To scale, your data can be federated across multiple MySQL servers. There can be complications with regards to data reliability and table joins can suffer from major speed hits.

A more reliable way to scale is to use replication. Replication does suffer from “slave lag” issues. The reason the lag can be high is because the master server uses multiple threads to store the data locally. The slave server has to process the replicated items in a single threaded mode to ensure the order of which the transactions is preserved. You can display the status of MySQL’s I/O and SQL thread by executing a SHOW PROCESSLIST statement.

The more database writes, the greater the lag. Depending on your application, you may only want to use replication for failover or backups.

Sometimes you may benefit from designing your application to avoid situations where data is hard to scale and can’t easily be cached.

Performance Best Practices

You definitely want to use a compiler cache. As described above, use APC or Zend for PHP5. If you are connecting to an external data source, perhaps a web service or data feed, minimize the number of instances you request them. Cache their response if possible. You may be able to load the data dynamically using Javascript and a little Ajax magic. Maybe the data isn’t a must have or maybe you can have a page dedicated to display the 3rd party data.

When tuning your applications performance, change one thing at a time. If you change more than one thing, how do you know which change caused the improvement and how do you know if you didn’t introduce new bugs changing the other things. Use MySQL’s EXPLAIN statement to profile your queries and enable the slow query logging. Use MyTop or InnoTop to help profile your queries.

It is crucial that your database is properly indexed. If a table has poorly designed indexes or perhaps too many indexes. Use the smallest data type possible and try to design your tables to be fixed width. That means, use char instead of varchar, set the length of your fields to logical lengths (ie use 128 chars instead of 107 chars). De-normalize when necessary. Remove static data out of the database or store it in a MEMORY table. Use the appropriate storage engine for each table.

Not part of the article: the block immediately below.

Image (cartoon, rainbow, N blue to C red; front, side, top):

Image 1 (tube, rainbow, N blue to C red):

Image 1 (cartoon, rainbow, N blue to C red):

For your queries, minimize the number of queries and cache them outside the database when possible.

She claims that deeply recursive code is expensive in PHP. Make sure you are not doing unnecessary looping. If you find that you are, chances are you are doing something wrong and that there is a better idiom for performing the task.

Don’t try to work around or re-write perceived inefficiencies in PHP. Use regular expressions to do intense string manipulation. instead of writing complex serialization code, use PHP’s extensions to do the heavy lifting. Before spending time to write some boilerplate function, check to see if there are any extensions that exist that could help save you time.

Laura gave this talk on behalf of George Schlossnagle. George’s original presentation can be found at This was an excellent session and proved to be beneficial.


  1. Hi did any body suggest me how to optimize the dojo performamce. while loading its taking time to laod. please suggest me regarding.

    Comment by ksr — October 18, 2007 @ 12:03 pm

  2. Your best bet is to create a custom build. The Dojo Toolkit website has a page that talks about how to create custom builds.

    Comment by Chris Barber — October 18, 2007 @ 10:02 pm